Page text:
I read an article, Stephen King said : Good teachers can be trained, if they really want to learn (some are pretty lazy). Great teachers, like Socrates, are born.
We usually say : I was born in …
What does it mean to use “are born” here ? (throwback my memories, I read the explanation somewhere in this forum but cannot remember it). Is that they were born and meant to be great teachers without any need of training ? something like in their blood, their destiny.
They have a natural teaching ability, rather than a learned one.
He was born to dance.
= He has a natural dancing ability
Thank you for your explanation, but why Stephen used “are born” not “were born” ?
are you trying to infer that “were born” = no natural dancing ability vs. “are born” = a natural dancing ability.
is it correct ?
Just a couple of words: I think King meant you couldn’t train a good teacher to be great, it takes something you should be born with.
No, that is not the inference.
King was speaking about people in general, therefore the present tense is appropriate.
All people are born with certain basic needs.
My example referred to a hypothetical living ‘he’. The past tense is appropriate as ‘he’ has already been born.
The twins were born with hearing problems.
Thank you Bee.
Correct me if I’m wrong.
“Great teachers, like Socrates, are born”. That is the general truth (according to him). So King used the “present tense”, are born to apply for the general great teachers.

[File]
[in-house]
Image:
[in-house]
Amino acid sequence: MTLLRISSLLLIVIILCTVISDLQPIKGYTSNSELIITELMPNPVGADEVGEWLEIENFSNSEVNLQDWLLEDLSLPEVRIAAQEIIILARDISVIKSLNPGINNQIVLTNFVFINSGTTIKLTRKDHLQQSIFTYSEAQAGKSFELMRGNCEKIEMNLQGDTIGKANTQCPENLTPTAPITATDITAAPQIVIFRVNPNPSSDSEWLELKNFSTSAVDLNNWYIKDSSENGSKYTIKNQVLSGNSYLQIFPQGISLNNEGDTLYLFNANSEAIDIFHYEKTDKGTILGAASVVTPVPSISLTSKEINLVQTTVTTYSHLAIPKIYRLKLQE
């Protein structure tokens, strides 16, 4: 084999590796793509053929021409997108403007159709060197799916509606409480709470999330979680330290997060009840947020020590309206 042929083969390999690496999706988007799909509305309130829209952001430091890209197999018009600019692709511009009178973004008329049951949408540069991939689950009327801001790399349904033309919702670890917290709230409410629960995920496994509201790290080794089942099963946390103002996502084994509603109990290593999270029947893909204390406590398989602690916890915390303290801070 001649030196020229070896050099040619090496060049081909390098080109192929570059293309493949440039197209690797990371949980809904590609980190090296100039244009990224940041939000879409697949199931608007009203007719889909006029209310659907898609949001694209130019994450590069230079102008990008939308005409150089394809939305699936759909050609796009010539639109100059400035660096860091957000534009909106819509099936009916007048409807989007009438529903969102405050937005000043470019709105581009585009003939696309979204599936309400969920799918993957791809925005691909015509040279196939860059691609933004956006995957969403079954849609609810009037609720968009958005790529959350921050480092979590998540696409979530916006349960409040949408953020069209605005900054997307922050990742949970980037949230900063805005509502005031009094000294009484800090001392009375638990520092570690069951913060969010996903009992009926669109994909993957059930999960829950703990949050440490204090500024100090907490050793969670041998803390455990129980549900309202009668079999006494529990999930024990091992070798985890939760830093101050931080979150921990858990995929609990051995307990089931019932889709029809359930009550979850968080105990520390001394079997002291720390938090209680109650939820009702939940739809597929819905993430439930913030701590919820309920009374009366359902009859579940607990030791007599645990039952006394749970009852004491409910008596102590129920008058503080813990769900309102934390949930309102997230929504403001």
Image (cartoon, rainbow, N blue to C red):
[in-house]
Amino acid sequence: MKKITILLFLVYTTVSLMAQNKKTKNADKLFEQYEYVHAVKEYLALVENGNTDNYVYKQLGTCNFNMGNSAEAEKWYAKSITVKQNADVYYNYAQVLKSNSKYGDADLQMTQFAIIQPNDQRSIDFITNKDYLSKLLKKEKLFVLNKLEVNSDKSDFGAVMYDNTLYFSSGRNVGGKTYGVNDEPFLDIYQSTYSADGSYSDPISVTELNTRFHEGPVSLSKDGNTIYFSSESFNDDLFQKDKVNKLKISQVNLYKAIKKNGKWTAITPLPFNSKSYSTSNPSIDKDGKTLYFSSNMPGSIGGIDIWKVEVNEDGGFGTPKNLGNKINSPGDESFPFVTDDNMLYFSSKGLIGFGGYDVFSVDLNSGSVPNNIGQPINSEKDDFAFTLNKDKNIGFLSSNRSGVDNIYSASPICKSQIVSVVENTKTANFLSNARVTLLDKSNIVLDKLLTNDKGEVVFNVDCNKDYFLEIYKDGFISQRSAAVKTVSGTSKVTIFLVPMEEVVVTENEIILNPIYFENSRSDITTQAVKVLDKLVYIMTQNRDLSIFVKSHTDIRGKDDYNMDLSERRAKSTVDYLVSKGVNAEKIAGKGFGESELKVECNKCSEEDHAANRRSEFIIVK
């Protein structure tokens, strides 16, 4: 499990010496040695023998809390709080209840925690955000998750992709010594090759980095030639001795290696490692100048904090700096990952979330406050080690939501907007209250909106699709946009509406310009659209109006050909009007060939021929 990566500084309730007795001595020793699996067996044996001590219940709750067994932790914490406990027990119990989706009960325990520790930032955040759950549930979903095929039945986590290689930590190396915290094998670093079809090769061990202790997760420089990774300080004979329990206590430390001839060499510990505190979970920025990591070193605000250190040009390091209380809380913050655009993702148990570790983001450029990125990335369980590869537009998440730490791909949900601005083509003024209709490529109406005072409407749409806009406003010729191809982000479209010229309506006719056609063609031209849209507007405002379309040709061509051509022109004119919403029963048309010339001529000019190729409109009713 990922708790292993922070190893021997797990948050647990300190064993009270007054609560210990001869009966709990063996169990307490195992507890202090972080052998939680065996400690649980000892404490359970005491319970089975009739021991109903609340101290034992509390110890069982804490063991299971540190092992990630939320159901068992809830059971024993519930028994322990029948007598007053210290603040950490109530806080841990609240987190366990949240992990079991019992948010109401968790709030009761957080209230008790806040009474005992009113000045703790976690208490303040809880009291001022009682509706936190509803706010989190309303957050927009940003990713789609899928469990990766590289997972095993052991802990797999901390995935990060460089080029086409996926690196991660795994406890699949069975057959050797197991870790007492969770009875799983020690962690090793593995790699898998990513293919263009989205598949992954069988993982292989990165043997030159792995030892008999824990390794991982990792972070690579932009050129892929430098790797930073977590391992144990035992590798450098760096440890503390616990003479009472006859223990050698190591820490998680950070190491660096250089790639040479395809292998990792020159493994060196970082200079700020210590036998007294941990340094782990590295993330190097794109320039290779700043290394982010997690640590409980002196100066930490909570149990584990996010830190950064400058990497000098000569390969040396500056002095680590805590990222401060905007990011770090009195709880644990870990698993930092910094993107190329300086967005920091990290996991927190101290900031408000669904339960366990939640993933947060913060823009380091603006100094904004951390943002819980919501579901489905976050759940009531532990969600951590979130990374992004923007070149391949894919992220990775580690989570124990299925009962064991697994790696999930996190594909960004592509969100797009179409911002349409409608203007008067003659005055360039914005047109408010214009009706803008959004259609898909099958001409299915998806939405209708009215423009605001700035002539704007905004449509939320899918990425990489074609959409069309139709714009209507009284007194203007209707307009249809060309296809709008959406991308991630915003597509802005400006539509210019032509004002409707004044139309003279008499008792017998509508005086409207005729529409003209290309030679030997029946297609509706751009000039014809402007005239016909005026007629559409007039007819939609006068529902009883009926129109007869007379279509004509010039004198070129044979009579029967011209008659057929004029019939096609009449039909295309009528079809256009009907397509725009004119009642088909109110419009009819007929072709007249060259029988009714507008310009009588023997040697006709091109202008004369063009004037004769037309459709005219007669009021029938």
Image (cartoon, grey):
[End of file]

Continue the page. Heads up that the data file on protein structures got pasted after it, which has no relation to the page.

Normally, We speak about particular person, the past tense “Was/were born” would be the correct choice.
One more thing I would like to know is whether it is correct to use the past tense in the king’s sentence. It’s acceptable or carries different meaning ?
I think this is a bit off beam:
The use of the past here refers to the fact the signs of the condition/ability of the individual were apparent at the time of birth. Whether those individuals are now alive or dead is irrelevant. The use of the present in this is because this is a statement:
‘Born’ is used attributively and suggests ‘natural’. It is simply a statement and would be the same as saying: Great teachers are Greek.
The past tense would be incorrect in Stephen King’s sentence.
Thank you Alan and Bee. You are the great teachers and I really appreciate it.
Have a nice day.